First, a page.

It's a major screw up through when volumes are up 31% (officially) and revenue for that 31% increase amounts to a 22% increase. Something doesn't add up.

Update

08 Jun 2020, 14:02

rambo1 wrote:It's a major screw up through when volumes are up 31% (officially) and revenue for that 31% increase amounts to a 22% increase. Something doesn't add up.

I would speculate that because the revenue for each individual item is not identical (we get more revenue for a a large parcel than for a small packet), then a big increase in small packets and only a modest increase in large items could easily explain how total revenue does not necessarily increase at the same percentage as volume.
If we’d had a disproportionate increase in high-revenue items, then it follows that revenue gains could outstrip the percentage increase in volumes...

Update

08 Jun 2020, 16:08

It's also possible that many of our larger customers like Boots and John Lewis don't necessarily pay immediately they send a parcel.

They will be account customers, they might settle their account every month, every 3 months, 6 months in arrears... who knows?

Revenue is only revenue when you have the money in hand.

Update

12 Jun 2020, 16:36

If parcels are up 31% and revenue is only up 22% on those parcels it simply proves how inefficient we are.

We spend so much time and money extracting and storing 2c parcels in the Mail Centre.

We have far too many parcel streams.

SD
Tracked 24
Tracked 48
1st Parcels (PPI, Meter, Horizon, Stamped)
2nd Parcels (PPI, Meter, Horizon, Stamped)
Plus all the various MOR.
Tracked Oversize
1c Oversize
2c Oversize
Oh and a PSM

Then you have the inward set up.

Why can’t our hand held scanners scan all mail and recognise its stream from the barcode. That way we could sort all of the outward in one work area.

We need to renegotiate with the regulator. To merge 1c and 2c into a standard class.

Its lunacy how we operate in our mail centres. The amount of double/triple/quadruple handling is criminal.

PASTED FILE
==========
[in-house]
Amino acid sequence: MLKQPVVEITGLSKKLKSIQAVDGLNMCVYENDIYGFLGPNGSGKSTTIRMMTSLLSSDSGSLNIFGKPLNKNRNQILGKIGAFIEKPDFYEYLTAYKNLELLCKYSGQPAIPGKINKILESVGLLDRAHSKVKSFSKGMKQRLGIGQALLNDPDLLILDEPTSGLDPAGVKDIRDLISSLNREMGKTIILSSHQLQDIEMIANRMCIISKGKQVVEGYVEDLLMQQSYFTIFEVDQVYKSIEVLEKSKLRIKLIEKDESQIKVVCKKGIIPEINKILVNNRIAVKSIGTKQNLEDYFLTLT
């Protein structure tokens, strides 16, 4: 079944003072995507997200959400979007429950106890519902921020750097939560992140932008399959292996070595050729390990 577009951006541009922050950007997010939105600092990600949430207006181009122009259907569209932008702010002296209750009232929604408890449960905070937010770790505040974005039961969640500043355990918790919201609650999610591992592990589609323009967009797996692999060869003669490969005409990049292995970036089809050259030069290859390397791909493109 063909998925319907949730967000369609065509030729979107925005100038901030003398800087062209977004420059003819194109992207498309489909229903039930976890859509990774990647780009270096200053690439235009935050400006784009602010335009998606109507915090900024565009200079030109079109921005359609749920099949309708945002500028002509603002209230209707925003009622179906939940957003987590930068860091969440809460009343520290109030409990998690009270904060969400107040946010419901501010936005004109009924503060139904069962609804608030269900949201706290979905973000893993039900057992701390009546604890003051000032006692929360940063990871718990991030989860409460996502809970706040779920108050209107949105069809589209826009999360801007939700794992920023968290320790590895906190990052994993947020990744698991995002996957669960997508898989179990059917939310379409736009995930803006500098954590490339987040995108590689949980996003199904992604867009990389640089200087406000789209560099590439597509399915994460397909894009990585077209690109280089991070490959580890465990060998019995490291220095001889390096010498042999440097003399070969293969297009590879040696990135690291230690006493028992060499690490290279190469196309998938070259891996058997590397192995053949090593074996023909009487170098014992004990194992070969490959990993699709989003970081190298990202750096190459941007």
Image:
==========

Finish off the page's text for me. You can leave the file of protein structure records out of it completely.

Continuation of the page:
Update

12 Jun 2020, 18:22

manchesterpunk wrote:If parcels are up 31% and revenue is only up 22% on those parcels it simply proves how inefficient we are.

We spend so much time and money extracting and storing 2c parcels in the Mail Centre.

We have far too many parcel streams.

SD
Tracked 24
Tracked 48
1st Parcels (PPI, Meter, Horizon, Stamped)
2nd Parcels (PPI, Meter, Horizon, Stamped)
Plus all the various MOR.
Tracked Oversize
1c Oversize
2c Oversize
Oh and a PSM

Then you have the inward set up.

Why can’t our hand held scanners scan all mail and recognise its stream from the barcode. That way we could sort all of the outward in one work area.

We need to renegotiate with the regulator. To merge 1c and 2c into a standard class.

Its lunacy how we operate in our mail centres. The amount of double/triple/quadruple handling is criminal.

There's a lot more packets with 2D barcodes on, maybe RM should work with the Mail Union (or whatever it's called) to get every item of mail that isn't a letter or flat to have a 2D barcode on it.

Over time (long term) Tracked 24 will completely replace 1C and Tracked 48 will completely replace 2C

Update

13 Jun 2020, 09:54

Standard Class next day delivery ( Day B ) in the Mail Center collection area , Day C for the rest

Update

13 Jun 2020, 11:20

wallan wrote:Standard Class next day delivery ( Day B ) in the Mail Center collection area , Day C for the rest

So as an example, Birmingham mail centre separates B postcode area from the mail that they collect and aims to deliver this the next working day (B), the rest of the mail for the UK is delivered the day after(C)? So first and second class mail no longer exist?

Update

13 Jun 2020, 13:49

Deadly wrote:
wallan wrote:Standard Class next day delivery ( Day B ) in the Mail Center collection area , Day C for the rest

So as an example, Birmingham mail centre separates B postcode area from the mail that they collect and aims to deliver this the next working day (B), the rest of the mail for the UK is delivered the day after(C)? So first and second class mail no longer exist?

Intra mail used to get processed separately in MCs up until must be 6-7 years ago and was dispatched separately, remember the pink labels

Update

13 Jun 2020, 14:28

Birmingham also process,s WR /HR , so items for those area,s would also get next day delivery

Update

14 Jun 2020, 09:40

There are still local newspaper title articles popping up on Google news stating during the trial for the five day week that we did not work on Saturdays. This is factually incorrect and should be refuted by the union in the press as it makes RM out to be considerate and honest employers. They are still far from being this.